The most visually appealing cars of a motor show are obvisously the premium brands. The automotive industry is going through major shifts these days and will continue to do so for the coming five to ten years. So how are the premium brands holding up? After all, they are the ones that show as the latest in technology that will eventually trickle down to the ‘normal’ everyday cars.
1) Bugatti Chiron – Continuity or Dinosaur
Let’s start with Bugatti. The brand new Chiron is finally out, and I think it looks stunning. Sure, it looks similar to its predecessor, the Veyron, but that’s a good thing. I especially love the C-shaped side that forms a sort of frame from the roof around the door down to the side skirt. The Chiron is an evolution of the Veyron. It still has the massive W16, 8 litre gasoline engine in the back delivering 1’500 hp to all four wheels and it can speed up to 420 km/h. The last iteration of the Veyron, the Super Sport, produced 1’200 hp and got up to a top speed of 415 km/h. So you might say that the difference is not that big.
Yes and no. When Volkswagen Group bought the brand rights of Bugatti cars in 1998, they had to start from scratch: W16 engine, clutch that could endure the massive 1’250 Nm torque, paint, interior design and materials, customer experience and service – everything had to be created and everything was super expensive. As a matter of fact, Bugatti, hence Volkswagen Group, lost money on every single of the 450 Veyron they sold. Naturally, over the years, different version were built. A Veyron Super Sport cost about € 1.65 million and Volkswagen. I couldn’t find official numbers on their losses, but it’s estimated that they lost around € 4 to 5 million on each car they made. That’s insane!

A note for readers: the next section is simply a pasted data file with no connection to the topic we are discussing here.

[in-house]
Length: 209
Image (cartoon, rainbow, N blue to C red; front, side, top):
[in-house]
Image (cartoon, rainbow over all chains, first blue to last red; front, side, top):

Anyway, back to the new Chiron! This time, Bugatti wants to make profit on it. They want to build 500 of it and sell them for € 2.4 million each. That’s more like it! But look at this: The Veyron was made between 2005 and 2015. Many motoring journalist ended up stating that it was the last hurray of the 20th century type gas guzzling supercar. Now the Chiron is here and it’s basically the same thing in a new dress. Don’t get me wrong, the engineers for sure put a lot of effort in it, but it’s still a conventional fuel powered W16 engine – not electric, not hybrid, not autonomous. Let’s say the planned 500 cars will be sold over the coming ten years, so all the way up to 2026. With the car industry trending towards new modes of propulsions, as well as the fast development of connectivity and autonomous driving, the Chiron will still be an engineering marvel, but also obsolete. It’s like keeping developing the best typewriter ever, while everybody is on laptops already.
2) Porsche – Top Marketing
One of Porsche‘s new presentations was the redesigned Boxster. It’s not called the 981 anymore, but the 718 Boxster. Why? Simply because they ditched to flat 6 boxer engine and replaced it with a flat 4 boxer unit. What a scandal, what a disgrace, how dare they do that?!!! That’s what every hardcore Porsche fan must have thought when they got the news. Let’s face the facts: Everyone needs to adapt to continuously stricter emission rules. At the same time, they new engines produce much more power that the ones they replace:
- 718 Boxster: 300 hp (2l) VS 981 Boxster: 265 hp (2.7l)
- 718 Boxster S: 350 hp (2.5l) VS 981 Boxster S: 315 hp (3.4l)
Isn’t that just insane! Porsche are smart. They usually acknowledge the trends of the industry and find a way to connect it to the past, to make it look like they’re getting even closer to the roots of the respective car. That’s why they renamed it the 718 Boxster. The original 718 was a racing version evolution of the 550. And guess what, it had a flat 4 engine in it as well. The point of this is to trigger the right emotions in the heads of the potential buyers. Although the new engines have more power than the outgoing ones, the reduction of cylinders as well as the smaller displacement could have a negative effect on them. Telling you that it has never been as sporty as that and that it’s now linked to a Porsche legend is what changes everything! Good luck keeping up with the demand, Porsche. 🙂